Maine Merit Pay – Augusta debates merit pay for teachers

I’ve had several posts about the merit pay issue here in Maine. I categorized Sen. Bolduc’s efforts to block any form of merit pay as lazy. Lazy because it is a refusal to seek a way to get merit pay to work. Chuck, writer of Tongue in Cheek, had a lengthy discussion on Sen. Bolduc’s bill and merit pay in general. Over there in Augusta the debates have begun.

from Kennebec Journal:

“We want to encourage strong, excellent teachers and we want to reward them when they show strong student achievement,” Sen. Carol Weston, R-Montville, the bill’s sponsor, told the Legislature’s Education Committee during a hearing.

The hearing took place as the U.S. Department of Education prepares to disburse $200 million in federal economic stimulus funds for states and school districts developing new pay models. Two weeks ago, committee members unanimously rejected a ban on merit pay for teachers.

Weston’s proposal doesn’t specifically define performance-based pay models for teachers, but Weston has previously said she opposes tying teacher pay exclusively to student test scores.

The legislation calls on the state Department of Education to review merit pay policies in place throughout the country and to form rules governing those systems.

But it’s too early to do that since so few districts nationally have merit pay systems, said Joseph Stupak, collective bargaining and research director at the Maine Education Association.

“We think it would be premature for the Legislature to adopt any public policy that encourages alternative pay systems,” he said.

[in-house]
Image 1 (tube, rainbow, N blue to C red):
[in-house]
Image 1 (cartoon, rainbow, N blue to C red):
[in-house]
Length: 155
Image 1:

Stupak urged legislators to further study merit pay before taking a position.

“There is substantial disagreement as to whether any alternative approach to teachers’ pay represents an improvement … over the traditional education- and experience-based salary system,” Stupak said in his prepared testimony.

The Maine Department of Education did not take a position on Weston’s legislation. The agency opposed the earlier effort to ban merit pay.

I don’t want Bolduc’s bill to pass. Merit pay should come to Maine in some form. I hope that these debates will prompt policy makers to do the legwork to get merit pay right. I fear that they will take the easy road, linking teacher pay directly to student assessments.

What is the solution?

We must change how we assess students. Bridging Differences writer Deborah Meier blogged about how our forms of standardized testing often aren’t measuring what we want them to or think they are. Of course we couldn’t link tests of that nature to teacher pay. We need to move away from this factory lever pulling multiple choice tests. The world does not function that way any longer, why should we continue testing and teaching that way? Problem solving and analytical based tests need to replace the antiquated testing systems.

Basing teacher pay on student performance alone negates the many other tasks teachers perform. What about the teacher who pioneers new technology or teaching methods? Or the teacher who mentors students and colleagues? These and other factors cannot be ignored.

These debates provide Maine with a huge educational opportunity. Anyone who follows education can see the massive restructuring that the educational system needs. One thing cannot solve everything. Merit pay wont either. This is a chance to begin meaningful reform in Maine. I am hopeful that we will continue to step forward rather than back.

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Maine Says No Merits to Merit Pay